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The Mini lineup is a lot older than most people may think, as it dates back to 1959, when BMC developed the first Mini model - a compact four-cylinder car to combat fuel shortages in Europe. Mini became a part of the BMW auto group in the 1990s, after the German automaker snatched up the Rover Group. BMW later offloaded the Rover Group, but retained its rights to mini, knowing that this brand has a bright future. In 2002, BMW brought the Mini Cooper to the U.S., and the Cooper Clubman - a three-door model - debuted in 2008.
Coming into the 2013 model year, the Cooper Clubman is a carryover from 2012. This model comes in three trim levels, Cooper, Cooper S and John Cooper Works. The Cooper trim level focuses on giving the customer great fuel economy – 35 mpg highway and 27 mpg city – and a well-proportioned interior with basic amenities. The Cooper S trim level adds in significantly more power, via a turbocharger, and still gets the same gas mileage as the Cooper model. The Cooper S trim also adds in some performance aesthetics, like larger rims, aluminum pedals and others. The John Cooper Works trim level offers awesome performance, dropping 0.5 seconds from the Cooper S’ 0-to-60 time, plus it adds in a few extra features, like its exclusive interior pattern, electronic differential and others.
The compact hatchback market is undergoing a comeback in the U.S., so the Mini Clubman has some stout competition. A key competitor to the Clubman is the 2013 Fiat 500, which has an engine lineup ranging from a 1.4-liter engine with 101 horsepower to a 1.4-liter turbocharged engine with 160 horsepower and gets between 34 and 40 mpg on the highway. The 2013 Hyundai Veloster is another one on the list with its engine lineup ranging from a 138-horsepower, 1.6-liter to a 201-horsepower, turbocharged 1.6-liter, while getting 35 to 37 mpg on the highway. Next up on the list of competitors is the 2013 Volkswagen GTI, which has a 200-horsepower, 2.0-liter turbocharged engine, which nets the GTI 31 to 33 mpg highway.
As expected, the Mini Clubman has plenty of competition, but it is really the car that launched the hatchback revival in the U.S. Even with its place in history firmly set, the Mini still needs to bring plenty to the table to hold onto its market share.
The 2013 Cooper Clubman acts as the base trim level for the Clubman lineup and features a 121-horsepower 1.6-liter engine that twists out 114 foot-pounds of torque. This engine links up to a six-speed manual transmission and gets the Clubman to 60 mph in 9.8 seconds. On the outside, the Cooper Clubman features: chrome-framed grille, chrome tailpipe, ABS, electronic brake-force distribution, dynamic stability control, performance suspension and 15-by-5.5-inch wheels. Inside the cabin, the Cooper Clubman features: seven airbags, leatherette seating, bucket front seats, Mini Connected infotainment system with CD player, HD radio, SiriusXM capabilities, Bluetooth connectivity, iPhone integration, USB port and iPod connection, multifunction steering wheel, ambient lighting, and start/stop button.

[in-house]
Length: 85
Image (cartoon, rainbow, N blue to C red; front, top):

The Cooper S Clubman tosses in a huge increase in power, via a 181-horsepower, 1.6-liter engine that connects to a six-speed manual transmission. This nets the Cooper S Clubman a 7-second run to 60 mph. On the outside, the Cooper S Clubman comes standard all of the same features as the Cooper Clubman, but tosses in a front hood scoop, fog lamps, black mesh grille, dual split chrome tailpipes, cornering brake control, chrome fuel cap, and 16-by-6.5-inch rib spoke alloy wheels. On the inside, the Cooper S Clubman has all of the same features as the Cooper Clubman, but it adds in sport seats and aluminum alloy sport pedals.
The John Cooper Works Clubman takes the performance and styling upgrades of the Cooper S Clubman and raises it up a few notches. It uses the same 1.6-liter engine linked up to a six-speed manual transmission, but bumps the total output up to 208 horsepower and 192 pound-feet of torque. This increase lowers the Clubman’s 0-to-60 sprint to just 6.5 seconds. On the outside, the John Cooper Works Clubman inherits the basic features from the Cooper S Clubman, but this performance trim level adds in: 17-by-7-inch cross-spoke alloy rims with run-flat tires and electronic differential lock control. Inside the cabin, the John Cooper Works Clubman adds in stainless-steel pedals and checkered-pattern cloth upholstery.
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Good fuel economy, but lacks power and size, and the styling is not for everyone
Great base price and fuel economy, but turbocharger lags and suffers from delayed response
Great power and acceleration, but a little bit pricey and below-average city mpg
Power and acceleration to match the John Cooper Works, and low relative price, but poor fuel economy